Safe Barbecuing Tips from the OCHD: “Chill It, Cook It, Check It, Keep It Safe”

bbq“Warm weather and holiday weekends go together. It is important to follow food safety guidelines to prevent harmful bacteria from multiplying and causing foodborne illness,” stated Ocean County Freeholder Gerry P. Little, Liaison to the Ocean County Board of Health.

Daniel Regenye, Ocean County Health Department (OCHD) Public Health Coordinator, pointed out the importance of taking extra precautions and practicing safe food handling when preparing perishable foods, such as meat, poultry, seafood, and egg products. “When shopping for your barbeque, buy cold foods last, right before checking out. Keep poultry away from other food; grab one of the plastic bags that are handy by the meat and poultry section and put the meat or chicken in the bag. Avoid raw meat or poultry juices dripping on other food. It is important to refrigerate perishable foods within two hours or if the temperature is above 90 degrees F., within one hour. Freeze poultry and ground meat that will not be used in one or two days,” he added.

Leslie Terjesen, OCHD Public Information Officer, said, “Make sure your meat, poultry, or seafood stays refrigerated until ready to use. When packed in a cooler, keep out of direct sunlight and avoid opening the lid too often. Pack beverages in a separate cooler.”

Terjesen continued, “We remind people of the importance of handwashing but it is equally important to keep all cooking utensils and surfaces you are using just as clean. Bacteria on raw meat and poultry can be easily spread to other foods by juices dripping from packages, hands, and utensils, called cross-contamination. To prevent foodborne illness, do not use the same platter and utensils for raw or cooked meat and poultry. If you are picnicking away from your home, find out if there is a source of clean water and if not; bring water for preparation and cleaning. You may choose to pack clean cloths and wet towlettes for cleaning surfaces and hands.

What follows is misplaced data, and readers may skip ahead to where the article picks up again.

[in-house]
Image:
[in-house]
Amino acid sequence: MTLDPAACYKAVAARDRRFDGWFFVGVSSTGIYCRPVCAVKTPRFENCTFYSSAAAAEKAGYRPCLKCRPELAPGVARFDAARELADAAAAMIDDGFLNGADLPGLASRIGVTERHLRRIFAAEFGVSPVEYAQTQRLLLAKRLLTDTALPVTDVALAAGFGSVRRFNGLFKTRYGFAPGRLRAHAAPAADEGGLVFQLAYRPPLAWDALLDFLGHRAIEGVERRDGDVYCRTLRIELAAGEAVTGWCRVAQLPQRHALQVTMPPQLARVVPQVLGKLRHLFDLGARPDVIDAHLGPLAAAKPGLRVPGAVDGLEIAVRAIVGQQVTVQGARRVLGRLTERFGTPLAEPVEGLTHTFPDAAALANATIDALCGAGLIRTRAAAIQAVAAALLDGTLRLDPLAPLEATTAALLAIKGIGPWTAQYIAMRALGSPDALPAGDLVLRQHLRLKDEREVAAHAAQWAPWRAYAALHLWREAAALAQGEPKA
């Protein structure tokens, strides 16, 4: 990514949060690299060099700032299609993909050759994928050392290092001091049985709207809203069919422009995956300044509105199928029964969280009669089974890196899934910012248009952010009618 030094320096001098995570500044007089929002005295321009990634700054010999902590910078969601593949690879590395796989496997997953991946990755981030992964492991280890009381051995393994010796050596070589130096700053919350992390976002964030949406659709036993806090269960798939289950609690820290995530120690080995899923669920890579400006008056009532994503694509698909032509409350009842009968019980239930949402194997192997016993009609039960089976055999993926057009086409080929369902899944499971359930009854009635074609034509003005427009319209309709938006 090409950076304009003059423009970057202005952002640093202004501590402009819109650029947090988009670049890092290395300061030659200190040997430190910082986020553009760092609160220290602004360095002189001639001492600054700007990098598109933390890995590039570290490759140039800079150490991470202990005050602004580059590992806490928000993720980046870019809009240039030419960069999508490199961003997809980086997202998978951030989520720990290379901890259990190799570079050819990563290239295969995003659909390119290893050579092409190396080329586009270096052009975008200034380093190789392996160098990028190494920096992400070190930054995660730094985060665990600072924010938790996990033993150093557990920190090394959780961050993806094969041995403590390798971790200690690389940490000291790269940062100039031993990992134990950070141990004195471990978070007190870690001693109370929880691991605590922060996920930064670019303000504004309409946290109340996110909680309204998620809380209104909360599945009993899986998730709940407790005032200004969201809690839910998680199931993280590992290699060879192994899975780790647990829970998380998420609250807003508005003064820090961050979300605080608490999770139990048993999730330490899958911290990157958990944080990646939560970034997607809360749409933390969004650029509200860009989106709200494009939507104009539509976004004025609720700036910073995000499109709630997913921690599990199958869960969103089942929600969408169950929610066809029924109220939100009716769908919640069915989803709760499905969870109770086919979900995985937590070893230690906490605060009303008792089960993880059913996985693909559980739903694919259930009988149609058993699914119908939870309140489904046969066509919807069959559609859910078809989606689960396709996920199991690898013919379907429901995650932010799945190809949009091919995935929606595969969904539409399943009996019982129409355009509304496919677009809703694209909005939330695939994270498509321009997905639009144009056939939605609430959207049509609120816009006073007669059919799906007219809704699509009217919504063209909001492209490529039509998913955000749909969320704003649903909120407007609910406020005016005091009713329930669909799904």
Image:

The following steps are offered for safe cooking for you and your family.

• Wash your hands with soap and water for at least 20 seconds.
• Use two cutting boards to keep raw meat, chicken, and fish apart from vegetables.
• Use a food thermometer to check meat, fish, and chicken after it is cooked.
*Hamburgers should be cooked to 160 degrees F., while large cuts of beef such as roasts and steaks may be cooked to 145 degrees F. for medium rare or to 160 degrees F. for medium.
*Poultry must reach a temperature of 165 degrees F.
*Fish should be opaque and flake easily.
• When taking foods off the grill, do not put cooked food items back on the same plate that held raw food, unless washed with hot water and soap first.
• Chill food and leftovers in the refrigerator as soon as you finish eating.
• Always wash fruits and vegetables under running water before cutting or eating.
• Keep eggs in the refrigerator; cook eggs until the yolk is firm.
• Defrost frozen food in the microwave or refrigerator, not the counter.
• Mayonnaise-based foods need to be kept cold. Mayonnaise alone is too acidic for bacteria to grow in it; however, when mixed with other foods, bacteria can grow if kept too warm.
• Bacteria, such as Salmonella and Shigella, are often present on the rind of melons so it is important to wash the melon thoroughly before cutting. Once cut, refrigerate the cut pieces of melon.
• Serve hot foods steaming hot and cold foods cold.
• Do not buy expired food. Throw food out if it smells bad or if you are not sure it is safe to eat.

Although cooking outdoors was once only a summer activity shared with family and friends, more than half of Americans say they are cooking outdoors year round. So whether the snow is blowing or the sun is shining brightly, it is important to follow food safety guidelines to prevent harmful bacteria from multiplying and causing foodborne illness.
Visit the Ocean County Health Department website at www.ochd.org to find food safety tips, including buying, cooking, transporting and storing food, applicable all year long. [TLS]

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